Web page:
• Five CO2 Engie heat pumps
    Five CO2 Engie heat pumps

ENGIE Refrigeration has delivered five thermeco2 high temperature heat pumps to the Osatina Group, one of the leading food producers in Croatia.

The machines, which run on the natural refrigerant CO2 and have a total capacity of five megawatts, will now provide heating for greenhouses.

Prior to this installation the food producer used gas-fired burners to heat five of its 10,000-square-metre greenhouses in the area around Osijek. But the Osatina Group decided to look for a more eco-friendly solution – and found that ENGIE Refrigeration offered the best concept.

Five HHR 1000 type thermeco2 high-temperature heat pumps with a total capacity of five megawatts are now operating on site.

They will provide the right temperature for a total area of 50,000 square metres – roughly the size of ten European football fields – growing mainly tomatoes, cucumbers and mushrooms.

Upon delivery of the machines, Jochen Hornung, CEO of ENGIE Refrigeration, said the heat pumps are an  ecologically sustainable alternative to fossil-fuelled burners.

“Our thermeco2 high-temperature heat pumps will promote decarbonisation and advance sustainable food production at the Osatina Group,” he said.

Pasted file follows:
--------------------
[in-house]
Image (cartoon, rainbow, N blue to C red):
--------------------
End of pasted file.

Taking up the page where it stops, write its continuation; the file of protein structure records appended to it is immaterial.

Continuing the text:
The project was completed by the ENGIE team in collaboration with the Zenteh consultancy from Slovenia.

The flow temperature is set at 85 degrees Celsius and the return temperature at 40 degrees Celsius.

From a technical perspective, this wide spread between chilled water (13/8 degrees Celsius and 12/6 degrees Celsius) and hot water can only be achieved in one stage by using CO2 as the refrigerant.

In comparison, two-stage solutions, for example those using NH3 as the refrigerant, are considerably less efficient – which ultimately persuaded the Osatina Group to choose ENGIE Refrigeration.

This is because thermeco2 high-temperature heat pumps utilise the natural refrigerant CO2 and combine high energy efficiency with excellent COP values.

In addition, the thermeco2 will generate the required hot water with the help of ambient heat from the ground, which makes the project even more sustainable.



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